But by debating how we can use imported labour and benefit subsidies to fill jobs that don’t pay enough, perhaps we are asking the wrong questions. Beyond the question of basic morality, coronavirus has exposed the precariousness of this approach to staffing our shops, bars, restaurants, building sites and care homes. Low pay may even be holding back innovation, as the Resolution Foundation recently observed, and hence productivity growth.

London’s economy is likely to change dramatically in coming years as the long-term impacts of the pandemic combine with the impact of technology and action on climate change. To be ready for these changes and the opportunities and disruptions they will create, London needs to pay workers better (as proposed by my former colleagues at Centre for London) or find smarter ways of doing their jobs. We can no longer afford low wages. 

Originally published by OnLondon.

Commuting again, cheek-to-cheek?

People are starting to come back to Central London, even if caution about rising case numbers, new variants and the onset of summer holidays mean the recovery is slow burn rather than big bang.

The graph below compares Transport for London (TfL) data on use of contactless and Oyster cards to tap in and out of stations on three sample days, according to different types of station (more detailed data and the station typology can be seen here). The days, chosen by me, are the last Thursday in July this year and last year, and the last Thursday in February last year. 

Screenshot 2021 08 12 at 14.14.00

The change between July 2020 and July 2021 is striking. Each group of stations saw around twice as many taps at the end of last month compared to the previous July, when restrictions were similarly relaxed, with a slightly stronger recovery for ‘City’ and ‘Tourist’ destinations, though ‘City’ station usage (which includes Canary Wharf, Holborn and Clerkenwell) remains only a third of pre-pandemic levels.

Comparisons with February 2020 show we are still a long way from business as usual, and it will be interesting to see whether change accelerates in September. But the overall picture looks positive for those who want to see people – the lifeblood of Central London – return to its streets, and is in line with the “organic” return to cities that James Forsyth wrote about in The Times last week.  

However, there could be bumps in the track ahead. One relates to human behaviour. Like many people, I have found my recent train and Tube trips a pretty pleasant experience. I’ve had a seat and not been too close to other people, even if wearing a mask is a minor spec-fogging inconvenience.

The closer we get to pre-pandemic levels of loading, however, the closer we will get to crowding levels that we find uncomfortable. It’s hard to say in advance what these will be – standing room only, shoulder-to-shoulder, armpit-to-nostril? – and tolerances will vary, but I suspect each of us could reach a tipping point where we no longer feel so happy using the Tube, however low Covid cases may be. 

More staggered commuting hours may mitigate crowding. And we can expect some reduction in demand from increased working from home, though if everyone works from home on Monday and Friday it will do little to ameliorate crowding midweek. But I suspect there will be a self-regulating brake on levels of Tube usage over the next few years at least, and that brake will apply itself at a lower level than before the pandemic.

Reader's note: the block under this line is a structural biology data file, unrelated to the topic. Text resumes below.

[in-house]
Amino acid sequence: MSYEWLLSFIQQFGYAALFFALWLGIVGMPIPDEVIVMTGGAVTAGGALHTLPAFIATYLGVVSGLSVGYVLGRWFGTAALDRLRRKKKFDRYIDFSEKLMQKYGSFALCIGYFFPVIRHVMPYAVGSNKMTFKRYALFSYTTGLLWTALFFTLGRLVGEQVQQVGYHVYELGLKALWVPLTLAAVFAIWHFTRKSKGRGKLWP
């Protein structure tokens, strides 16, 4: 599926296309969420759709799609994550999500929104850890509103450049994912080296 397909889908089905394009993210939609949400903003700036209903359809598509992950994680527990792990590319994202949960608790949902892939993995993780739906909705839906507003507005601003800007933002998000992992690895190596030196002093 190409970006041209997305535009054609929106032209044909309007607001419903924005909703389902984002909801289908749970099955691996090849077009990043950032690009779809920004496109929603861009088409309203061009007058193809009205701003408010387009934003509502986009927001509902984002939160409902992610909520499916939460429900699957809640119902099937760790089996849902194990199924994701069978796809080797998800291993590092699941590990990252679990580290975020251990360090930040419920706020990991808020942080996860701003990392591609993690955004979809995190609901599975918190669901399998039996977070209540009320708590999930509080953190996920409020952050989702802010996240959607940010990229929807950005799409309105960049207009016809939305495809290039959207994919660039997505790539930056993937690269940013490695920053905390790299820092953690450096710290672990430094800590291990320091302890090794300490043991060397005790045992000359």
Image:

The problem will become a whole lot worse if Transport for London’s funding deal, still being thrashed out with government, forces cuts in service frequency and capacity, as government has suggested it might. A recent national poll suggested that 23 per cent of people anticipate using public transport less, with most of those expecting to use cars more. In London, congestion, the soon-to-be enlarged Ultra Low Emission Zone and parking charges may make that less of an option. But squeezing services could increase crowding, and in turn drive more people away from public transport – maybe to walk or cycle, but maybe just to stay away from Central London altogether.

TfL needs a funding deal that recognises how precarious London’s recovery could be, and how easily service cutbacks could push the Tube into spiral of overcrowding, falling passenger numbers and falling revenues. This means looking beyond reliance on fares for the next few years at least, to run the system as a vital amenity for urban recovery, rather than a commercial service to customers. If the government wants people to come back into London and other city centres, it needs to support public transport systems that marry environmental sustainability with economic vitality.

First published by OnLondon.

Bringing beauty back

Sometimes it seems like the government is determined to turn people like me against its planning reforms.

While it is still unclear how the new system will operate in London, planning reform should help with housing delivery. The idea of shifting from “development control” to “zoning” seems inherently reasonable. Too much time and money is spent by developers, consultants, councillors and planners thrashing out permissions for individual schemes, balancing housing targets with local campaigners’ concerns, design considerations, viability assessments and national policy.

Pushing those debates “upstream”, to properly involve local people in preparing local plans and design codes and then allowing councils, housing associations and developers to get on with building, should both empower citizens, and reduce red-tape and delays.

Furthermore, given the shoddiness of some recent housing, the government is right to underline the importance of design quality throughout. Good design will help secure community assent for urgently-needed new development and also create better places, improve everyday life, and ensure that we enhance our landscape with beautiful new buildings that can last, rather than despoiling it with crappy ones which will make future generations scratch their heads in bewilderment.